"There is no fixed rule which binds the counsel calling a witness to a particular mode of examining him. If a witness, by his conduct in the box, shows himself decidedly adverse, it is always in the discretion of the judge to allow cross-examination . . "
and also the following dictum of Lord Abbot, C.J., in the case of Batten v Carew (6) at p. 967 ;
"But in each particular case there must be some discretion in the presiding judge as to the mode in which the examination should be conducted, in order best to answer the purposes of justice."
In adopting those dicta Lord Widgery, C.J., in turn observed:
"There is no reason to suppose that the subsequent statutory intervention into this subject has in any way destroyed or removed the basic common law right of the judge in his discretion to allow cross-examination when a witness proves to be hostile."
The question of the inconsistency of prior statement, sufficient to display hostility, is a matter of degree. Obviously a mere embellishment will not suffice as a basis for treating a witness as hostile. The inconsistency must be material to the question of the guilt of the accused to the extent that an animus against the party by whom called and an unwillingness to tell the truth is displayed. If counsel for either party in a criminal case is in doubt in the matter then we consider that, in the interests of justice, the application for leave to treat as a hostile witness should be made and the prior statement shown to the court, so that the court can judge whether the inconsistency is material and whether in the exercise of its discretion, the application should be granted.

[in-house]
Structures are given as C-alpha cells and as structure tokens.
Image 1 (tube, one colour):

We appreciate that the dicta of Lord Goddard, C.J., in Fraser (3) 3 apply to a judge sitting with a jury and that if the judge after sight of the inconsistent statement decides not to grant the application, the minds of the jurors are not then affected by sight of an inadmissible statement. It is different in the case of a judge or magistrate sitting alone. It is a matter of judgment however as to whether a previous statement is inconsistent to the extent of displaying hostility on the part of the witness, and that is a matter which ultimately must be left to the court and not counsel. We consider therefore that in the overall interests of justice our courts should in future follow the dicta in Fraser (3). Where however the court on sight of a statement decides not to grant the application, it should then take care to direct itself not to place any reliance on the contents of the statement, which are of course in such
circumstances completely inadmissible in evidence, and to record in its judgment that it has done so.